D.C. police, who were monitoring the protest, immediately closed off vehicle access to the streets surrounding Nellie’s while about 40 or 50 protesters called for Nellie’s to agree to a series of demands that they have issued.

Among the demands is that Nellie’s participate in a “public community listening session” in which members of the community, including former Nellie’s customers, would present details about what protesters have said are alleged racially biased practices by Nellie’s staff against Black customers.

Corado told the Blade she agreed to Nellie’s invitation to serve as its community engagement director in her role as head of a private consulting firm focusing on diversity related issues that she started five years ago that’s separate from her job as Casa Ruby’s executive director. She said she will remain in her position as Casa Ruby executive director.

She said that among other things, she will make recommendations to Schantz on how best to address community concerns raised by the protesters and others in the community.

Nellie’s statement on Friday comes at a time when Nellie’s is under investigation by the Office of the D.C. Attorney General following a report two weeks ago by the city’s Alcoholic Beverage Regulation Administration (ABRA) that it violated the terms of its liquor license under D.C. law in its handling of the fight that broke out at the time Young was pulled down the stairs by the security guard.

The ABRA report says the fight occurred after a Nellie’s staff member and one or more security guards ordered customers believed to have brought in their own bottle of liquor, which is not allowed by Nellie’s, to leave the bar. Young has said she was mistakenly identified as one of the customers who brought in their own liquor bottle.

 Among those leading Friday’s protest outside Nellie’s were Makia Green, co-conductor of the community activist group Harriet’s Wildest Dreams, and Bethelehem Yirga, co-founder of the racial justice advocacy group Palm Collective. Both said they respect Corado for her many years of advocacy on behalf of the LGBTQ community but were disappointed that she was working for Nellie’s.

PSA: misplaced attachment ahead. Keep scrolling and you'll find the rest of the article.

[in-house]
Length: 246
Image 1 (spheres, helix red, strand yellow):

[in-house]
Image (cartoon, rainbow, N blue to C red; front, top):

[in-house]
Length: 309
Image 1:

“She should be in solidarity with the people in the streets because Ruby Corado used to be one of those people,” Green told the Blade. “And she should have been in solidarity with us.”

When Nellie’s reopened on Friday, protesters returned to stage another demonstration on the sidewalk outside the bar and in the streets at the bustling intersection of 9th and U Streets, N.W. (Washington Blade photo by Lou Chibbaro, Jr.)

Minutes later, Green attempted to intervene when a verbal confrontation broke out between a man believed to be a Nellie’s customer and several of the protesters. The man, who is Black, shouted repeatedly, “You are boycotting the wrong fucking bar.” About a half dozen protesters shouted back, demanding that he leave the area.

“Nellie’s staff is racially, ethnically and gender-identity diverse,” the Nellie’s statement released on Friday says. “It always has and always will,” it says. “As we reopen to serve the community and ensure continued employment of our team of 50 employees – all of us at Nellie’s renew our mission to be an inclusive, welcoming and safe space for women, for all people of color, for the entire LGBTQ+ community and for all our neighbors and friends.”

The statement concludes, “We also recognize that being an inclusive business is an ongoing process, and we pledge to continue to investigate ways to do better. We promise to see you, to listen to you, to embrace you and to welcome you each night.”